"Being in the presence of Jimmy ��� you know, Jimmy Page."

How AC/DC Gave Rich Robinson a Live Experience He'll Never Forget

Earlier this year, Chris Robinson joined Loudwire Nights to help fans get excited for the release of Happiness Bastards. Near the end of the conversation with Chuck, he shared a memory of what it was like seeing Metallica at the Power Trip festival in 2023, marking the first time he saw the band live since touring with them in the early-'90s.

So when Rich joined the show, Chuck couldn't let the chat conclude without bringing Metallica into it, too, hoping to find a memory or two from the Monsters of Rock tour that the Black Crowes embarked on with AC/DC and Metallica.

"Before we left [for that tour], we would play in Atlanta to 12 people," Robinson remembered. "We'd play a club and no one would show up. Within 18 months, we're playing in Moscow in front of 800,000 people."

Robinson said the first show they did on the Monsters of Rock tour was at Donington and that's when he first learned that AC/DC were big fans of the Black Crowes.

"I remember Angus [Young's] tech walked up to us and he's like, 'Our boys love you guys, you're a proper rock and roll band,'" Robinson said.

"He had some funny names for some of the other bands like QueensWrong. 'We don't want to hear QueensWrong. We want to hear the Black Crowes.' He was just kidding around, he was cheeky, but it was amazing that AC/DC loved us and we were like, 'I can't believe AC/DC knows who we are.'"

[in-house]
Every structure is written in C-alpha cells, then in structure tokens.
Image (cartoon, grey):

Reflecting on that first show, Robinson turned the conversation to what it was like witnessing the power of Metallica taking the stage.

READ MORE: Chris Robinson Recalls 'Most Violent' Black Crowes Concerts

"I'd never seen Metallica before," he explained. "I went out there and I'd never seen an audience respond that way to a band. It was one of the most amazing, heavy things I've ever seen, to the point where I was kind of worried about AC/DC. I was like, 'How the fuck is anyone going to go [after this]?'"

Robinson decided he had to go out and show his support for AC/DC.

"They opened with 'Thunderstruck' and I've never seen or felt anything like it since then ... I've never seen a transition from Metallica, where every person in that audience was so into Metallica, and then Angus — their spotlight opens up, all the lights go down. Angus is doing the intro to 'Thunderstruck' and it's one of the most amazing things I've ever seen."

What Else Did the Black Crowes' Rich Robinson Discuss on Loudwire Nights?

  • How Aerosmith showed support for the Black Crowes in the band's early days
  • Which song on Happiness Bastards is an homage to the Black Crowes' punk rock past
  • Who influenced him when he was 17 years old writing the songs that would end up on Shake Your Moneymaker

Listen to the Full Interview in the Podcast Player Below

Rich Robinson joined Loudwire Nights on Friday, March 15; the show replays online here, and you can tune in live every weeknight at 7PM ET or on the Loudwire app; you can also see if the show is available on your local radio station and listen to interviews on-demand.